Civic group representatives lodge a complaint at the Taipei District Prosecutors’ Office yesterday against six former judges implicated in the Weng Mao-chung corruption case. Photo: CNA
STATUTE OF LIMITATIONS: The Human Resource Review Committee said the alleged misdeeds of 25 judges suspected of corruption took place too long ago
By Jake Chung / Staff writer, with CNA
The investigation into the Weng Mao-chung （翁茂鍾） case would hold all judicial personnel involved accountable to the strictest interpretation of the law, Judicial Yuan President Hsu Tzong-li （許宗力） said yesterday, while pledging more action against misconduct to uphold the judiciary’s credibility.
Hsu pledged to investigate the few judges who might be contravening laws to protect the work of honest judges and uphold the dignity of the judiciary.
Weng, president of Chia Her Industrial Co （佳和）, is accused of bribing 40 to 50 judicial workers, judges and prosecutors to obtain non-guilty or lighter sentences in four criminal cases.
Weng allegedly gave them shirts and arranged expensive banquets for them.
Weng’s actions came to light after the Control Yuan passed a motion to impeach Weng’s friend, former Commission on the Disciplinary Sanctions of Functionaries secretary-general Shih Mu-chin （石木欽）, for allegedly breaching the Judges Act （法官法）.
Shih, who until 2017 served as a Supreme Court judge, did not recuse himself from cases involving Weng and allegedly provided Weng with legal advice, investigators from the Judicial Yuan and Ministry of Justice said.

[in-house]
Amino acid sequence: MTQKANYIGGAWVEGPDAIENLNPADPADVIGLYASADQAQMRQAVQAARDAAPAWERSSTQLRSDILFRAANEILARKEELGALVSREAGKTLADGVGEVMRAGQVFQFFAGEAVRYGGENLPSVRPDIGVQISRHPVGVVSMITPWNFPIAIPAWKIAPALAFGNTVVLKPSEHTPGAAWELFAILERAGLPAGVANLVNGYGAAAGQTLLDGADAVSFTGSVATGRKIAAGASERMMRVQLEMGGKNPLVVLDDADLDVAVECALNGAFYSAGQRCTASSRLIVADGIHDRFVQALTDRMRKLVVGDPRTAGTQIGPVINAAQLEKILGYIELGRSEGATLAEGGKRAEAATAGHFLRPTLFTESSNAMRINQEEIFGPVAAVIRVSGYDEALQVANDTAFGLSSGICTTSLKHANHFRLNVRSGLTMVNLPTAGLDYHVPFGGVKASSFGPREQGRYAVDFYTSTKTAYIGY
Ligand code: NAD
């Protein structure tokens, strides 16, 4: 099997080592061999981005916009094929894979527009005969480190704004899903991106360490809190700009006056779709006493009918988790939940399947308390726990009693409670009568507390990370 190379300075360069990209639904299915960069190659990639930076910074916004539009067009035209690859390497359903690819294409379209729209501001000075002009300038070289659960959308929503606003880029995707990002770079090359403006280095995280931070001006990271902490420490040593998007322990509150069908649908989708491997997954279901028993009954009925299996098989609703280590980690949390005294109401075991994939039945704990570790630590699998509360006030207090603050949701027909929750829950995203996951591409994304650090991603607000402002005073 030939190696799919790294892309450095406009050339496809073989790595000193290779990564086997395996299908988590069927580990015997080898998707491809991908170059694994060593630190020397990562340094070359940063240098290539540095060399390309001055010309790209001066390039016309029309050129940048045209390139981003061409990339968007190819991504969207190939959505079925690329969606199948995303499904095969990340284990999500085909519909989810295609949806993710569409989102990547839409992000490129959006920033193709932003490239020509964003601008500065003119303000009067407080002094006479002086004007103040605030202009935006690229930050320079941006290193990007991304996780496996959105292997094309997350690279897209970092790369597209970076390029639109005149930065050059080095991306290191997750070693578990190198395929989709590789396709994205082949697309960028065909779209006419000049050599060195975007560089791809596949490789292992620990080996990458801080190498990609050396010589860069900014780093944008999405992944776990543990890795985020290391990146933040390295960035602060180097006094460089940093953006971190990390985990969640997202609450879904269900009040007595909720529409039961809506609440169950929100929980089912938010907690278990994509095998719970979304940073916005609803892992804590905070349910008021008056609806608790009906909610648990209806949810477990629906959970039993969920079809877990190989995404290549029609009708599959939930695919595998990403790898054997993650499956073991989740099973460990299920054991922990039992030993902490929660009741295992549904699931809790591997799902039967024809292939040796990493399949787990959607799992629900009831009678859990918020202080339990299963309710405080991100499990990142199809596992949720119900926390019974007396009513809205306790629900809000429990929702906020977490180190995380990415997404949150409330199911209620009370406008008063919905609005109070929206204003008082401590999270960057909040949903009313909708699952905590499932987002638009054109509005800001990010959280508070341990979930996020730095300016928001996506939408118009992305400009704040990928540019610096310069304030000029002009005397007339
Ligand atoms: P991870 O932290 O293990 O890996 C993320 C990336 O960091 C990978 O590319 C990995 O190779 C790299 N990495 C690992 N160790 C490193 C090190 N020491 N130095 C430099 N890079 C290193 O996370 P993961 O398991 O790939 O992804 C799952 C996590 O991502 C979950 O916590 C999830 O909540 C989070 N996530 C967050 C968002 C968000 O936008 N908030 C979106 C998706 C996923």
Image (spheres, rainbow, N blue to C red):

The ministry’s Human Resource Review Committee yesterday said that 26 judges should be punished for their involvement in the case, but only Supreme Administrative Court Judge Cheng Hsiao-kang （鄭小康） is suspected of breaching Article 51 of the Judges Act （法官法）, and his case has been forwarded to the Control Yuan.
The committee said that the other 25 judges could not be punished due to the statute of limitations.
Cheng is the eighth judge whose case has been forwarded to the Control Yuan.
The other judges, who are not among the 25, include former judges Lin Chi-fu （林奇福）, Yen Nan-chuan （顏南全）, Su Yi-chou （蘇義洲）, Tseng Ping-shan （曾平杉）, Chen Yi-chung （陳義仲） and Lin Chin-tsun （林金村）.
They were named in an investigative report released on Jan. 18, while Cheng and the other 25 judges were named in an investigative report released yesterday.
Three former grand justices were investigated by the Council of Grand Justices Disciplinary Committee and found innocent, the ministry said.
The committee cleared 23 judicial workers and prosecutors of wrongdoing due to a lack of documentation or credible evidence, or because their actions were within the parameters of normal social interaction.
Minister of Justice Tsai Ching-hsiang （蔡清祥） at 6pm yesterday held a news conference stating that four prosecutor-generals and 10 prosecutors are also under suspicion, and they are being investigated.
Former minister of justice Tseng Yung-fu （曾勇夫）, who at the time being investigated was serving as chief prosecutor at the Taiwan High Prosecutor’s Office, is suspected of having accepted gifts and attended multiple banquets held by Weng, and is being investigated, Tsai said.
The Legislative Yuan’s Judiciary and Organic Laws and Statutes Committee, which on March 11 convened a panel to investigate the case, yesterday said that it would, from today, begin discussing what documents to look into.
The panel said it would focus on the administrative investigations conducted and invite agencies to attend panel meetings.